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Watch Some Like It Hot (1959) free online

a super hot comedy directed and produced by Billy Wilder, starring Marilyn Monroe, Tony Curtis, and Jack Lemmon, about two broke, terrified, and desperate instrumentalists who, to hide from Chicago gangsters, run to Florida with a female band disguised as women. The film's title derives from the dialogue that takes place on Miami's beach between Sugar and Joe: "Does that mean you play that very fast music jazz?" "Yeah. Real hot." "I guess some like it hot. I personally prefer classical music." Liked #1 by AFI's 2000 list as 100 Funniest Movies. Watch online for free Some Like It Hot.

Main cast with pictures

Marilyn Monroe as Sugar Cane Kowalczyk
Marilyn Monroe as Sugar Cane Kowalczyk
a not very bright beautiful 24 years old woman, ukulele player and singer.
Tony Curtis as Joe Josephine Shell Oil Junior
Tony Curtis as Joe Josephine Shell Oil Junior
a handsome tenor saxophone player, a naive dog racing gambler.
Jack Lemmon as Jerry Daphne
Jack Lemmon as Jerry Daphne
a double bass player, more realistic but less fortunate than his friend.
Joe E. Brown as Osgood Fielding III
Joe E. Brown as Osgood Fielding III
a funny middle-aged millionaire, the much-married aging mama's-boy
Joan Shawlee as Sweet Sue
Joan Shawlee as Sweet Sue
the bandleader of "Sweet Sue and Her Society Syncopators" with two things she can't put up during working hours: liquor and men.
Dave Barry as Mister Bienstock
Dave Barry as Mister Bienstock
the band manager and not the night watchman of girls band.
Billy Gray as Sig Poliakoff
Billy Gray as Sig Poliakoff
"Bands for all occasions", Joe and Jerry's agent in Chicago.
Barbara Drew as Nellie Weinmeyer
Barbara Drew as Nellie Weinmeyer
Poliakoff's secretary, naive and vengeful, in search of some love.
George Raft as Spats Colombo
George Raft as Spats Colombo
a mobster from Chicago, South Side Chapter, ruthless in removing his foundries and greedy for power.
Pat O'Brien as Federal agent Mulligan
Pat O'Brien as Federal agent Mulligan
in confrontation with alcohol traffickers during Prohibition-era, made a police raid on "Mozzarella's Funeral Parlor".
George E. Stone as Toothpick Charlie
George E. Stone as Toothpick Charlie
a gangster from Chicago, North Side Chapter, victim of Saint Valentine's Day Massacre.
Nehemiah Persoff as Little Bonaparte
Nehemiah Persoff as Little Bonaparte
a mobster who organizes the convention of Mob delegates "Friends Of Italian Opera".

Story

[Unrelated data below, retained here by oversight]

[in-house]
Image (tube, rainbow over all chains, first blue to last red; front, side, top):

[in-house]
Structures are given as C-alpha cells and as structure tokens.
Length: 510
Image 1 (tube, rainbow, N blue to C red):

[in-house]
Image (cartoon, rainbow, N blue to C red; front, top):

Chicago, February, 1929. Saxophonist Joe and bass player Jerry eagerly discuss plans for their salary from their first job in four months. Putting up their coats as collateral, they place a bet with their bookie, and promptly lose both the bet and their coats. Desperate, Joe and Jerry visit Sid Poliakoff's agency building hoping to line up another job. Sid tells them of a job at a college dance in Urbana and Joe accepts, then charms Nellie into loaning them her car for the Urbana gig. Retrieving the car at a garage owned by Toothpick Charlie, Joe and Jerry unintentionally witness Spats hit. Joe then telephones Sid and accepts the job with the all-girl band. That evening at the train station, Joe and Jerry, uncomfortably disguised as women, check in with band leader Sweet Sue and manager Beinstock as the newest members of the Society Syncopators, Joe as Josephine and Jerry as Daphne. Once on board the train, Joe fears that Jerry's enthusiasm at finding himself among so many women will expose them and warns his friend to behave "like a girl," but in the process, musses Jerry's outfit. Later during rehearsal, after Sugar perform Runnin' Wild, when she's flask falls to the floor, Jerry steps forward, and claims the flask is his own. Upon arriving in Florida at the beachfront Ritz Seminole Hotel, "Daphne" catches the attention of wealthy, oft-married Osgood Fielding III. Jerry reluctantly agrees and then accompanies Sugar to the beach. Unknown to Jerry, Joe has stolen Beinstock's suitcase of clothes and eyeglasses and, dressing in them, goes to the beach where he stages an accidental meeting with Sugar. Joe implies that he is the heir to the Shell Oil company and, captivated by the apparently sensitive "Junior," Sugar invites him to the band's opening that night. Back in their room, Jerry receives a call from Osgood inviting Daphne to a candlelit dinner on board his yacht. Joe accepts for Jerry, then tells his protesting friend that he must keep the date with Osgood on shore, as he, in the guise of Shell Oil, Junior, plans to dine with Sugar on Osgood's yacht. In the performance of that nightperformance of that night, when Sugar sang I Wanna Be Loved By You, Osgood sends Jerry an enormous bouquet, which Joe commandeers to give to Sugar with a card inviting her to dine with Junior. Afterward, Joe meets Sugar on the pier as an unhappy Jerry talks Osgood into dining at a local roadhouse. While Jerry and Osgood tango to the music of a Cuban band at the roadhouse, on board Osgood's yacht Joe meets Sugar (watch Some Like It Hot Trailer). When they thought they were free from the threat, the gangsters meet at the hotel under the guise of attending an opera convention. Mulligan is also present. Upon spotting Spats in the lobby, Joe and Jerry panic and realize they must flee. In their room, Jerry laments having to give up Osgood and Joe telephones Sugar to disclose that Junior's family has ordered him to Venezuela immediately for an arranged marriage. Joe and Jerry then escape out of their hotel window but are seen by Spats and his men on the floor below. When the pair dash away leaving their instruments behind, Spats finds bullet holes in Jerry's bass and realizes the "broads" are the Chicago witnesses in disguise. Knowing they have been discovered, Joe and Jerry dress as a bellboy and a wheelchair-bound millionaire and head across the lobby filled with Spats's men. Noticing that Jerry has inadvertently left on his high heels, the henchmen give chase and Joe and Jerry run into a convention hall and hide, unaware that the mob "convention" is scheduled to meet there. Moments later, Spats sits at the table under which Joe and Jerry are hiding, and in a prearranged plan, Bonaparte pretends to honor Spats by presenting him with a giant cake. Joe and Jerry bolt, but as Bonaparte orders them found, Mulligan and his men close in to make arrests. Resuming their disguises as women, Joe and Jerry overhear that the remainder of Bonaparte's men are watching all buses and trains out of town and Joe decides they should escape on Osgood's yacht after Jerry elopes with him. While Jerry telephones Osgood to make arrangements, Joe hears Sugar and the band finishing song and climbs onto the stage to tell her that no man is worth her heartbreak, then kisses her before hurrying away. Realizing that "Josephine" is "Junior," Sugar follows the men down to the dock and the waiting Osgood.